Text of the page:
MiR-139-5p may predict colorectal cancer recurrence
The microRNA (miRNA) miR-139-5p is able to differentiate between patients who are and are not going to experience colorectal cancer recurrence within 3 years, a new study shows.
Candidate miRNAs were identified from 100 patients with stage 3 colorectal cancer, 50 of which experienced recurrence after FOLFOX treatment. These were combined with data of 147 patients with stage 1 or 2 colorectal cancer obtained from The Central Genome Atlas (TCGA).
The expression of the candidates was studied in formalin-fixed, paraffin-embedded samples of stage 3 tumours from 24 patients with stage 3 colorectal cancer (12 with recurrence, 12 without). These were then validated against an array of other tumour and serum samples.
Microarray analysis yielded 30 miRNAS that were significantly upregulated in recurrent colorectal cancers. On the other hand, RNA-seq data from TCGA showed that 23 miRNAs were upregulated in recurrent colorectal cancer patients.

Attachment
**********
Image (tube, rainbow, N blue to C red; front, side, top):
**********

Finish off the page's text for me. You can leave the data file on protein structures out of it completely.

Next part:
Combining these data sets resulted in five miRNAs upregulated in relapse colorectal cancer patients: let-73, miR-100, -139-5p, -181a and -181b. Of these, only miR-100 was not able to distinguish patients with vs without recurrence via Kaplan-Meier analysis.
Quantitative real-time, reverse transcription PCR (qRT-PCR) was used to measure the levels of expression of these miRNAs and showed that only the expression miR-139-5p was higher in recurrent patients, indicating that it may be used as a biomarker.
In two separate cohorts, the expression miR-139-5p was significantly higher in primary colorectal cancer tissues of patients who experienced recurrence within 3 years of surgery (p<0.05 for both). Kaplan-Meier analysis showed that those with high miR-139-5p expression had poorer recurrence-free survival.
Finally, serum levels of miR-139-5p were higher in patients who experienced recurrence compared to those who did not. Levels were also higher in stage 3 and 4 colorectal cancers compared to stage 1.